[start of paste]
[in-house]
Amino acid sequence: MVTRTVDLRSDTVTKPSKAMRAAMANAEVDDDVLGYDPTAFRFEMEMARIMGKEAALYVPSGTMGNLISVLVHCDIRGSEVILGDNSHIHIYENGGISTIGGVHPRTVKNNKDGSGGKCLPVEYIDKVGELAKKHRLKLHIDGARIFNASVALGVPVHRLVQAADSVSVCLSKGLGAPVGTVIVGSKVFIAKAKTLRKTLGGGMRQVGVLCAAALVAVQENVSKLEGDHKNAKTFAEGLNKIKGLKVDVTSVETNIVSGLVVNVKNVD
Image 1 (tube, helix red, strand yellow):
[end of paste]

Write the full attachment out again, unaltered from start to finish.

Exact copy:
[in-house]
Amino acid sequence: MVTRTVDLRSDTVTKPSKAMRAAMANAEVDDDVLGYDPTAFRFEMEMARIMGKEAALYVPSGTMGNLISVLVHCDIRGSEVILGDNSHIHIYENGGISTIGGVHPRTVKNNKDGSGGKCLPVEYIDKVGELAKKHRLKLHIDGARIFNASVALGVPVHRLVQAADSVSVCLSKGLGAPVGTVIVGSKVFIAKAKTLRKTLGGGMRQVGVLCAAALVAVQENVSKLEGDHKNAKTFAEGLNKIKGLKVDVTSVETNIVSGLVVNVKNVD
Image 1 (tube, helix red, strand yellow):